When three close friends escape from Hong Kong to war-time Saigon to start a criminal's life, they all go through a harrowing experience which totally shatters their lives and their friendship forever.
Tony Chiu-Wai Leung,
A seasoned cop and his rookie partner are a pair of mismatched partners in this Hong Kong action-comedy in the style of 'Lethal Weapon'. The wacky twosome are up in arms as they try to solve the murder of a heroin trafficker.
At the end of the Vietnam war, Cheung goes to Saigon, intent on bringing his uncle and cousin back to Hong Kong. In Saigon, Cheung meets beautiful gangleader Chow, and relies on her help for their safe return. A love triangle develops between the cousins and Chow Further complicating matters, Chow's lover Ho, a gang leader, appears Ho deports the cousins, and kills their uncle. Cheung and his cousin return to Vietnam seeking revenge, while Chow and Ho also become entangled with a local vietnamese warlord. Chow tries to stop the battle, but the warlord kills Chow and Ho. Just before her death Chow gives the cousins the last two air tickets with which to leave VietnamWritten by
L.H. Wong <firstname.lastname@example.org>
John Woo (director of the first two films in the series) wrote the original screenplay for this third installment, but he never got to direct this third entry due to having had artistic differences with producer Hark Tsui during the filming of A Better Tomorrow II (1987). Instead, John Woo took his screenplay and made it into the film Die xue jie tou (1990). Hark Tsui himself would direct his own version of A Better Tomorrow III. The two films have many parallels, most notably, both being set in the Vietnam War. See more »
In the subtitled version, Ho reveals that his real name is "Tanaka". However, later in the film he refers to his name as being "Tokito". The role was being played by 'Saburo Tokito'. See more »
A 130-minute Mandarin version was released in Taiwan and has appeared on home video several times over the years. No Cantonese version is in circulation, but an English dub appeared on VHS in France. A 145-minute cut is said to exist, but it is unavailable on video and may be apocryphal. The Taiwanese VCD advertises a running time of 145 minutes, but it is in fact the 130-minute edit. See more »
A lot of people tend to think this movie is inferior to the first 2 ABT's. If you are one of these people, keep in mind that its pretty much due to the story. I think the direction and acting wasn't bad at all. Like many prequel/sequels, it suffers from hype and expectations. If its made exactly like the previous movies, then we have a rehash. If it goes in a different direction (like in this case) it runs the risk of alienating a lot of loyal fans.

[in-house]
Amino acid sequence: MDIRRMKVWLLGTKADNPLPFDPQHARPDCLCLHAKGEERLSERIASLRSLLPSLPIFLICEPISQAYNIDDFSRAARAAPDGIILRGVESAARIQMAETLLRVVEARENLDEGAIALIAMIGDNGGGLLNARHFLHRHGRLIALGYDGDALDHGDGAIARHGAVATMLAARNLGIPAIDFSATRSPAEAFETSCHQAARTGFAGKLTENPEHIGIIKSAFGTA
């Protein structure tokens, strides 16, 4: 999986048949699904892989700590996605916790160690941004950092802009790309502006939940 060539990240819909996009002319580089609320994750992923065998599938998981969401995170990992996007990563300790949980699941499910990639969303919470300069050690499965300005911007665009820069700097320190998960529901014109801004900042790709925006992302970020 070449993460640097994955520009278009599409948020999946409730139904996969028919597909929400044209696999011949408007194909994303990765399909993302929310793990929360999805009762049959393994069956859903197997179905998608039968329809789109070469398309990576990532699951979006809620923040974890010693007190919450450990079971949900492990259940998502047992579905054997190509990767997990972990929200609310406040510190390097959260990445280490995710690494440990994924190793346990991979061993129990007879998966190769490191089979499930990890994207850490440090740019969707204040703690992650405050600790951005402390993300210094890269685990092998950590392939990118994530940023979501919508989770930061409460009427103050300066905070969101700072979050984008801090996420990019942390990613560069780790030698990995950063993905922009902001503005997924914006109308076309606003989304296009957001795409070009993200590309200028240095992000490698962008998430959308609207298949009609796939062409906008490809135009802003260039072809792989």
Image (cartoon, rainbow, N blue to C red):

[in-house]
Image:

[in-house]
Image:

Not sure how many of you knew the storyline prior to watching the film. I was at least privy to the plot summary before watching it in the theaters way back when. So I at least knew it took place in the 70s in Vietnam. Right there and then, I knew it would be very different from the first 2 films. War-torn Vietnam of the 70s would hardly be the kind of place where you find our heroes riding around in Rolls Royce's, making high stake deals in fancy hotels or mansions, wearing Fracescetti suits, etc. A lot of the "cool" element of the original is due to Chow of course, but settings and atmosphere had something to do with it as well. And Vietnam is not the kind of setting we're previously used to.
What the film does show, is probably a more realistic side of smuggling and counterfeitting. You make your deals at night in dark alley ways, your clothes are cars are are much less flashy (to avoid attracting attention to yourself). And of course, Mark hasn't acquired his cool persona yet, so we're missing that important element throughout most of the film.
In short, much of what we see is not entirely unexpected if you took the time to read the synopsis on the video box. Because the movie takes place at the time and place it did, I'd say the crew did an OK job.
As a prequel to ABT, I am a bit surprise at the choice of location if not the time. I remember a scene in the original ABT where Mark talks about the "old days" of making counterfeit deals with Ho in Indoesia!! That was suppose to be 12 years ago according to movie dialog, which would place us in the early 70s as well. So the movie would've been more continuous if we had Mark working for the H.K. crime organization already, and making drops in Indonesia (with or without Ho, depending on whether they can get Ti Lung back for the role). I also think it might have been more interesting this way. Anita can still play Mark's love interest, and much of the current ABT3 storyline can be incorporated; as long as Mark isn't so goofy and inexperienced.
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